And the shootings just continue......
 
Swerd

Swerd

Audioholic Warlord
How do we solve for the mental health aspect? No idea. Very complex subject.
For starters, we have to admit that doing little or nothing about mental health care has been an abject failure.

In the 1980s it became common to close state-run mental institutions, and release the mentally ill en masse, a practice that freed them to become homeless while being both mentally ill and untreated. Once state mental institutions were closed, health insurance companies failed to address the problem. Of course, most of those institutionalized mental patients had no job and no health insurance.

A responsible and effective effort at addressing mental health care should not be limited to the mostly stalemated debate about gun control.
 
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highfigh

highfigh

Audioholic Slumlord
What we all want is to keep guns out of the hands of criminals and mental defectives; but, here in Louisville, KY, with 59 gun homicides so far this year, it appears the laws to keep guns out of the hands of gangbangers and drug traffickers is not working. In other words, straw purchase laws are not being prosecuted and thus this question, why not?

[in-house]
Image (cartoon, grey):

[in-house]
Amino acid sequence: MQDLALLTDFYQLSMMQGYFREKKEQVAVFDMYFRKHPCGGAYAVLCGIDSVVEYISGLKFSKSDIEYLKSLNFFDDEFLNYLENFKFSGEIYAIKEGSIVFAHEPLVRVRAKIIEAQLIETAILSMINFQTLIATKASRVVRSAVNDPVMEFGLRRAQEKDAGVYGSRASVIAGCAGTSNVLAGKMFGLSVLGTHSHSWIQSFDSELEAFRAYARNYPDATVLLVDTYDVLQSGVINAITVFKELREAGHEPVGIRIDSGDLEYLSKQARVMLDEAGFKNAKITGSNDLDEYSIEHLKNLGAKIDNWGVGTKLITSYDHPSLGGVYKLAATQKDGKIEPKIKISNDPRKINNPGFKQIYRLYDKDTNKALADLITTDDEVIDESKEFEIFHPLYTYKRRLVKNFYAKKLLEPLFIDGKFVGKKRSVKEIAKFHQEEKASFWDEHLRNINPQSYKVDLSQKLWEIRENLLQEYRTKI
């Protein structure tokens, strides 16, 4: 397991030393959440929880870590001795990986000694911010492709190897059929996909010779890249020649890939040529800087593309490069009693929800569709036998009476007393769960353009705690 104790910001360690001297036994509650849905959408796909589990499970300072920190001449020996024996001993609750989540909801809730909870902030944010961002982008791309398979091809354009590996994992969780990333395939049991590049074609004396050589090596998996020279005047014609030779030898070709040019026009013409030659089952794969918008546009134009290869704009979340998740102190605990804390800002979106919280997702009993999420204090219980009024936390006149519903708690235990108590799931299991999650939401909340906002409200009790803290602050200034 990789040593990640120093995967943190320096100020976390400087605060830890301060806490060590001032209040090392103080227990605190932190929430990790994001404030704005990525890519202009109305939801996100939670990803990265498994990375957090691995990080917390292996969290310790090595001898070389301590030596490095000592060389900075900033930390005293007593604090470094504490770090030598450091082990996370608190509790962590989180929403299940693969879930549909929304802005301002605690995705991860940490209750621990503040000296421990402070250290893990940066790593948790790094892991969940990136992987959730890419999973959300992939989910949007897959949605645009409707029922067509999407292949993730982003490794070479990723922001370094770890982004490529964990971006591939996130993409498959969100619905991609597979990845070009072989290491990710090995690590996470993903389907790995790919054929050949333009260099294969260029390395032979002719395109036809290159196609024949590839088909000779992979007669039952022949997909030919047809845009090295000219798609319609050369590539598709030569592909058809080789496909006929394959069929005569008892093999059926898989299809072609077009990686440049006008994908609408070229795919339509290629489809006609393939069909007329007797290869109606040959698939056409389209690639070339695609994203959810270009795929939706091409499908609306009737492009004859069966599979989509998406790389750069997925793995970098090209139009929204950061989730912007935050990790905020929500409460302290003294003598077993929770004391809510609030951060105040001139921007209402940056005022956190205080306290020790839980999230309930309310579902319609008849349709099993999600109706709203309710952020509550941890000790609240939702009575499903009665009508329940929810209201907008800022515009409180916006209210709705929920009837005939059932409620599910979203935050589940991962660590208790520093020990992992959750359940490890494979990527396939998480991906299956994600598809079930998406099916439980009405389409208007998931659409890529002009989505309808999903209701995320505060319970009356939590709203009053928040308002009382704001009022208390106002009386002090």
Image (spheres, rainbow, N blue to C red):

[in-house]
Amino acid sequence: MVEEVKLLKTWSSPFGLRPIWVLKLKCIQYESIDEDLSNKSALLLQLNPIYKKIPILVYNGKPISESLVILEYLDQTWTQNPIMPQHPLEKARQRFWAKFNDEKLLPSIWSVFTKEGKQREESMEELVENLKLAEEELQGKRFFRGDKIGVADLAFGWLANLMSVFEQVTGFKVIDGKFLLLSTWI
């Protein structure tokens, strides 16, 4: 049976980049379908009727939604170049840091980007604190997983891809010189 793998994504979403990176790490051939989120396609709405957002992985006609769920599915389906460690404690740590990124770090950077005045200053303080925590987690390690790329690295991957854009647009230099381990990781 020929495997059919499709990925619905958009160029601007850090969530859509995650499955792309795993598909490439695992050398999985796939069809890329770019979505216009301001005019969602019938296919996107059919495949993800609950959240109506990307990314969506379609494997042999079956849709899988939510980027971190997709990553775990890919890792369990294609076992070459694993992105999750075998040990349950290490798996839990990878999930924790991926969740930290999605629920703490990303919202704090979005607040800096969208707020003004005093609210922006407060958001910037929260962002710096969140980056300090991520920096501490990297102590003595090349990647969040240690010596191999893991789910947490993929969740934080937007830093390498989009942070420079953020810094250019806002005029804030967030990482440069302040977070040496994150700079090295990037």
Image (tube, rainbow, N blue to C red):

Prosecuting people makes them sad and gives activists something to bitch about. I have yet to see an activist who complains about "excessive incarceration' admit that people are arrested and locked up because they committed some kind of crime, sometimes a laundry list of crimes. Some couldn't go fifteen minutes without and killing/being killed within hours of release isn't as uncommon as one might think.

I don't want to see innocent people targeted by the police or locked up for crimes they didn't commit but if people won't testify for fear that retaliation will result if they appear in court, the guilty will go free and that comes at an incredibly high cost. Witness tampering and intimidation happen frequently.
 
Trell

Trell

Audioholic Samurai
Prosecuting people makes them sad and gives activists something to bitch about. I have yet to see an activist who complains about "excessive incarceration' admit that people are arrested and locked up because they committed some kind of crime, sometimes a laundry list of crimes.
...
Having fun hacking your straw man?
 
highfigh

highfigh

Audioholic Slumlord
In most state in the US, you must also have liability insurance to have a driver's license. Why not require the same for gun owners?
It's available.

It should be available via a rider if the gun is kept at home, but you know the insurance companies would do everything possible to get out of paying. If someone carries outside of the home, all bets are off. I seriously doubt the insurance industry really wants to insure guns/gun owners.